Former IRA Boss McGuinness Announces Retirement From Politics

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LONDON (AP) — Allies and political opponents are paying tribute to Martin McGuinness, the Irish Republican Army commander-turned-peacemaker who is stepping down as one of Northern Ireland’s most influential politicians.

British Prime Minister Theresa May said McGuinness had played a key role in moving the Irish nationalist Republican movement toward “peaceful and democratic means.”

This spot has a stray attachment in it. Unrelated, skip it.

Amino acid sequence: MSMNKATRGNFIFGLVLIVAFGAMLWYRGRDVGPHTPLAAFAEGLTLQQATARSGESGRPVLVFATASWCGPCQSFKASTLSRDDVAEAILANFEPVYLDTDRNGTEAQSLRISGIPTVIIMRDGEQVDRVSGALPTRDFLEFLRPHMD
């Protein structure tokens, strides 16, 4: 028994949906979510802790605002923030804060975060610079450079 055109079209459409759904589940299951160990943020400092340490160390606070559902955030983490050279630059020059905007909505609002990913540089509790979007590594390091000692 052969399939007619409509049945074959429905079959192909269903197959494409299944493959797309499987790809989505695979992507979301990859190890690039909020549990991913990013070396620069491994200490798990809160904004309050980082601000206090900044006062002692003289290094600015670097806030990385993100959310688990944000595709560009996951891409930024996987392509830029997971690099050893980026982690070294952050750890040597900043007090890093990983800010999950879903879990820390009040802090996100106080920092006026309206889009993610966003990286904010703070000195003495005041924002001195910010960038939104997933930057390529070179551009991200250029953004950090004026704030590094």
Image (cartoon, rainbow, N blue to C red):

Leading pro-U.K. Protestant politician Ian Paisley, Jr., said Friday that McGuinness’ “remarkable journey … not only saved lives, but made the lives of countless people better.”

McGuinness, from the IRA-linked Sinn Fein party, quit as Northern Ireland’s deputy first minister last week, plunging the Catholic-Protestant power-sharing government into crisis.

On Thursday he announced his retirement from front-line politics, saying he needed to concentrate on recovering from “a very serious illness.” He did not say what the illness is.